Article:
I remember the day I took the phone call asking what I thought about owning that amazing place I had been living in. As he listed its benefits I almost choked. I couldn’t believe that he thought it was worth what he said that he wanted to sell it for, but I didn’t say anything. All I did was ask for a week to consider the options.

And then for the next week we tore out our hair trying to figure out if there was a way to buy more time. Didn’t happen. Landlord insisted on a decision and so I thanked him for the opportunity and said that we were going to pass. He said ok and made arrangements to come see the place.

The old man as I thought of him (he was probably same age as I am now) came by and walked through the entire place and said how pleased he was that it was in such good shape. He was surprised by Little Jack’s appearance, or should I say his existence. When we signed the lease the kid hadn’t even been a gleam in my eye.

Anyway, landlord looked me in the eye and told me that if I cooperated with getting it ready to sale he would be generous in allowing us to stay long enough to find a new place to live. What I didn’t know was that he was going to renege on his promise of a couple of months or that he was going to demand access several times a week for himself, handymen and realtors.

Maybe it was inevitable, but the relationship soured very quickly. I had told him that cooperation wasn’t a problem, but he needed to provide more notice than an hour. And so in short order he dropped off paperwork saying that since our lease had long since gone to month-to-month we were being evicted.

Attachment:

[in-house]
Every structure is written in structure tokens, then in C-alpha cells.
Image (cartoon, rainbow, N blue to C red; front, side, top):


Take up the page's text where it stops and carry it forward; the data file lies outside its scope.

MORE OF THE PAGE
I remember reading that note, the one in which he said that we were evicted. As a brand new father I was less than pleased by this turn of events. I understood that he wanted to take advantage of the rise in real estate prices, but I wasn’t going to let him hurt my family so that he could make a buck.

So I called him and explained that as a result of this notice I was going to refuse entrance to his people. I would still allow him access so that he could see that the place was in good condition, but he was going to have to wait until we left to do any work on it.

In the next section I’ll share some more memories about this and how this led to a rush to buying a place and a thirty day escrow. More on this later.

Crossposted here.

Plumbing Problems

One of the best parts of the weekend is the opportunity to take care of household chores. There is nothing that I like to do better than to clean up the garage, remove clutter and do the 1,987,862 other things on the list.

This weekend I received the gift of a backed up shower/tub. It is one of those things that I get to deal with once or twice a year. Dependent upon which shower backs up I can identify the source of the problem as being either tree roots or an accumulation of hair courtesy of the long haired ladies who reside here.

My initial solution to this sort of thing is try and clear the drain myself. I have a snake that I sometimes use or every now and then I may try a chemical solution. Sometimes it works and sometimes it doesn’t.

This time around I decided that I wanted to try a different approach. So I went out and purchased a hydraulic drain flusher that is similar to that shown in the picture here. It is a simple concept. Attach it to a water source and use hydraulic power to force the clog to clear.

Sounds good. Looks like it should work. Only in my case it didn’t. We went from experiencing a slow draining shower/tub to a very…….very…..very…..slow draining shower/tub. It always warms the cockles of my heart to see that the solution has backfired and is going to cost more time and money.

So now I am waiting for my rooter guy and his massive snake to come clean it all out. Of course I looked into renting a snake and found out that it was ten dollars cheaper than having the rooter guy come here.

BTW, did I mention that he said that he’d be here two hours ago. It is ever so gratifying to see that my time is so valuable to him.